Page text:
At age 87 and writing every day, unfettered by the constraint of insecurity associated with fear of offending the university or Virginia’s anti-science attorney general, John Cairns, Jr., Virginia Tech’s University Distinguished Professor of Environmental Biology Emeritus, knows exactly what is hammering life on Earth and why it is happening. He tells it like it is, and it isn’t pretty:
• “The biggest obstacle to sustainability is the notion of perpetual economic growth.”
• “No country with an ecological deficit/ecological overshoot should permit immigration. The Scandinavian four might permit it, but the U.S. does not qualify.”
• “ Homo sapiens is a rogue species. I am optimistic about what we could do but not about what we will do.”
• “Ecological restoration is no longer possible due to climate change and biotic impoverishment.”
• “Scientists are reluctant to become involved in policy matters. Who can blame them, considering the assault on the science of global warming?”
Yet, as an optimist with a sunny smile, Dr. Cairns tempers these tough love conclusions by urging every locality to adopt a damaged ecosystem and restore it to create an understanding of natural systems through “hands on” experience. Why? Because “the biospheric life support system is the ultimate unifying theme for all life on Earth,” and people need to get that message through their heads and act accordingly.
This hyperactive man, who, over his productive lifetime, has written 64 books, 650 articles, 139 editorials and testified often before legislative committees on ecological destruction and repair, and whose list of international scientific honors alone exceeds the space available for this biography, began life on May 8, 1923, in Conshohocken, Pennsylvania, where a polluted river started him on his career path of protecting the environment. Dr. Cairns’ autobiography ( My Quest for Sustainable Use of the Planet; see his web site, http://johncairns.net/ ) begins:
The Schuylkill River that borders Conshoh-ocken, Pennsylvania, was badly polluted as early as the 1930s from coal mines upstream and a number of industries. I was well aware, as one with a lifelong interest in fishing, that I could catch only carp and catfish in the river . . . [and they] often had surface lesions. Nearby ... was a disused stone quarry that had filled with water.... I caught plenty of sunfish and an occasional bass. These fish were healthy.... A professional scientist was not needed to see the difference between polluted and unpolluted water.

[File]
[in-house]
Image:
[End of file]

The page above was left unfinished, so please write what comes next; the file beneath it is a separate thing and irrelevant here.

His early interest in the effect of water quality on fish led to an A.B. degree in biology, chemistry, and physics from Swarthmore College in 1947, M.S. and Ph.D. degrees in zoology from the University of Pennsylvania in 1949 and 1953, and an early career focused primarily on point sources of waste discharge: “I was convinced that, if point source discharges were properly dealt with individually and kept within the assimilative capacity of the ecosystems into which they were discharging, environmental pollution effects could be minimized.”
Over the years and through the research and publication activities that followed, John Cairns, Jr. became an international authority on the restoration of aquatic ecological systems, much of that work under the auspices of the National Academy of Sciences. He has been a member of the Virginia Tech biology faculty since 1968.